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Heartwood Forest

PUBLISHED: 01:16 04 May 2011 | UPDATED: 19:18 20 February 2013

Heartwood Forest

Heartwood Forest

Ann Favell, a volunteer for the Woodland Trust, explains how Heartwood Forest near St Albans is playing a part in the county's future...

STEPPING out into open pastures to the north of Sandridge in Hertfordshire, you could be forgiven for thinking you were taking a walk in the typical English countryside. But look more closely and you will realise you are stepping into the future, the future of the largest new native forest to be planted in England. This is Heartwood Forest; a site that has to be seen to be believed.


Heartwood Forest is The Woodland Trusts biggest woodland creation project. With ambition on a grand scale, they have taken on over 850 acres of land and will plant 600,000 broadleaved trees. Idyllic wildflower meadows, enchanting glades and secluded woodlands are also planned for the site and the work to achieve these aims is already underway.


Lifeline for nature


So why does The Woodland Trust want to take on such a huge project? The answer is simple: Englands few existing forests are increasingly under threat from pollution and developers and The Woodland Trust wants to preserve and create these precious places for nature and our future generations to enjoy. Not only that, it is recognised that woods and trees help reduce pollution and encourage exercise.


It is already species-rich with threatened birds such as yellowhammers, linnets and bullfinches and mammals such as Natterers and Long-eared bats. There are also over 20 different species of butterfly that have been recorded on site. Newly created habitats will encourage even more species to make their homes there and help to keep the rich heritage of this land ticking over, enhancing local biodiversity.


New planting is carefully taking place around three existing pockets of ancient woodland, the UK equivalent of rainforests. These ancient wooded areas bloom with bluebells during April and May and are an assault on the senses with their vivid blue hues and heady aroma. The bluebells have been on site for thousands of years with the entire areas rich history dating back from prehistoric times through Neolithic and Iron Ages, to Roman occupation.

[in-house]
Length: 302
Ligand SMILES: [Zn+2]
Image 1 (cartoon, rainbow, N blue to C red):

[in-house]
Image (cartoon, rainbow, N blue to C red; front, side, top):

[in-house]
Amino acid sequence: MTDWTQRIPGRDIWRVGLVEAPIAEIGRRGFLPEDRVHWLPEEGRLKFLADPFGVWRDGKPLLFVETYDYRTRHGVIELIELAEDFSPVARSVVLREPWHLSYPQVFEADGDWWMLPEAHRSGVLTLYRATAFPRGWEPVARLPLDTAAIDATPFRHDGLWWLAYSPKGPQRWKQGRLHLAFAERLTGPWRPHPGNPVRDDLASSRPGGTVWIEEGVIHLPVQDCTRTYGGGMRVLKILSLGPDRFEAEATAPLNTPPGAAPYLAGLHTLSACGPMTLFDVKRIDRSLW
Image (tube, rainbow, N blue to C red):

Volunteers at its heart


The Woodland Trust has pledged that every new tree that is planted to help grow Heartwood Forest will be planted by a volunteer. A brave pledge from them, affording a special opportunity for those who wish to get more closely involved. Community groups, local schools and colleges and individual volunteers have all stepped up in their wellies to help plant trees, leaving at the end of each day with a feeling that they have done something memorable and left their mark on something that will grow throughout their lifetime and beyond.


Having started planting in 2009 with many species of the trees becoming firmly established within a short 12-year period, volunteers have already planted a magnificent 210,000 trees. But there is still a long way to go.
Creating a new forest comes at a cost. An ongoing fundraising campaign to raise 10.4 million to buy, plant and manage the site is in full swing. So far over 8 million has generously been raised through sponsorship, events and donations.


As long as this generosity continues, it will enable the forest to flourish and be cared for, benefitting both ourselves and wildlife into the future.


Find out more


If you would like to connect with nature on a grand scale at Heartwood Forest whether to take a walk, run, family ramble, cycle or get involved with the work at Heartwood, the site is free to visit and open all year round. You can find out more at www.woodlandtrust.org.uk/heartwood, email heartwood@woodlandtrust.org.uk or follow the forest blog for the most up to date news and events at www.heartwoodforest.wordpress.com

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